UFC

Rousey says she would fight Fallon

Image: UFC champion Ronda Rousey (© David Livingston/Getty Images)
Ronda Rousey says she would face transgender fighter Fallon Fox.
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A.J. Perez

A.J. Perez previously worked at USA Today, AOL and CBSSports.com, covering beats ranging from performance-enhancing drugs to the NHL. He has also been a finalist for an Associated Press Sports Editors award for investigative reporting. Follow him on Twitter.

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Reigning UFC women’s champion Ronda Rousey said she would reluctantly accept a bout against transgendered fighter Fallon Fox, although Rousey told The New York Post such a fight wouldn’t be “fair.”

“She can try hormones, chop her pecker off, but it’s still the same bone structure a man has,” Rousey told the newspaper. “It’s an advantage. I don’t think it’s fair.”

Fox, who underwent gender reassignment surgery in 2006, has been discussed among MMA circles since she admitted in March she was born a man. The revelation put her fighting license in jeopardy — although she has since been cleared to fight — and raised the question whether Fox should be allowed to fight women.

Fox is 2-0 and has another fight scheduled next month in a lower MMA league.

The discourse took an ugly turn earlier this week when UFC heavyweight Matt Mitrione called Fox “a lying, sick, sociopathic, disgusting freak” among other things in an interview on Monday. The UFC suspended Mitrione indefinitely for violating the organization’s code of conduct policy.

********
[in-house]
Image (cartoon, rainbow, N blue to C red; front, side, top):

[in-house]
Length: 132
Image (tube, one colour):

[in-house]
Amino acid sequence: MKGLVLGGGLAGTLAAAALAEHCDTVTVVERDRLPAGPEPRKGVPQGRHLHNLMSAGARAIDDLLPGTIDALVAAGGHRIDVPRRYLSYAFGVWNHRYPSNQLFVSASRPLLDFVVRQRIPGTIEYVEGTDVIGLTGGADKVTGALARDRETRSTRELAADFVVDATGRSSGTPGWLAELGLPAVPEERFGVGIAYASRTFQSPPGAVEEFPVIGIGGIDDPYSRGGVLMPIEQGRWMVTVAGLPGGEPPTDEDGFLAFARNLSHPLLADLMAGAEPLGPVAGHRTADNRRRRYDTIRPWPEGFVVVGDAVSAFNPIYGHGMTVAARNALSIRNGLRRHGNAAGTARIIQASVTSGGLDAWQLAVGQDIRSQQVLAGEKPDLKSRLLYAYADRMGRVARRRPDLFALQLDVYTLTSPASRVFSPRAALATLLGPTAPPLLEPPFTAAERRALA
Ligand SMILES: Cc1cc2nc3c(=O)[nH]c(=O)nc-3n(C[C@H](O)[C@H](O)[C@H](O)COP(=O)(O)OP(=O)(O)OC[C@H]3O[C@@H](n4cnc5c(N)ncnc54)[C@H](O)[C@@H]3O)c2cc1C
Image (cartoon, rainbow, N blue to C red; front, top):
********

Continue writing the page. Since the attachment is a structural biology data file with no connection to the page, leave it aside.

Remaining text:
“The organization finds Mr. Mitrione’s comments offensive and wholly unacceptable,” the UFC said in a statement when the suspension was announced on Monday.

Rousey said she got the point that Mitrione was attempting to make but didn’t approve the language he used.

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“I understand the UFC doesn’t want to be associated with views like that,” Rousey said. “I’m also glad they didn’t straight cut him.”

Rousey told The New York Post that she competed in judo against hermaphroditic athletes but added that fighting a post-operative transgendered woman is different.

“It’s not something that happened to her,” Rousey said. “It was a decision she made. She should be aware in her career after that, it’s going to be an arduous path. ... It’s going to draw a lot of emotions.”

There have not been extensive studies on those who make the male-to-female transition when it comes to athletic performance. In one of the few trials, an Amsterdam study showed that a year of hormone replacement therapy resulted in a decline of thigh muscle mass to a point where it was nearly equal to pre-treatment female-to-male transsexuals.

“The recommendations included the caveat that every individual would be assessed on a case-by-case basis,” Arne Ljungqvist, a pathologist and member of the IOC panel that made the recommendations, wrote in the medical journal Lancet. “The relevant sporting body would have authority to take all appropriate measures to ascertain the gender of that competitor.”

While each state can enact its own policy on intersex and postoperative transgendered fighters, the Association of Boxing Commissions — an organization that helps standardize rules for combat sports nationwide — has adopted a policy that aligns itself with the International Olympic Committee. An athlete, like Fox, who had gender reassignment surgery as an adult is required to be on hormone therapy for a minimum of two years and must be legally recognized as a female.

As for fighting Fox, Rousey said she would take the fight.

“What if she became UFC champion and we had a transgender women’s champion?” Rousey said. “It’s a very socially difficult situation.”

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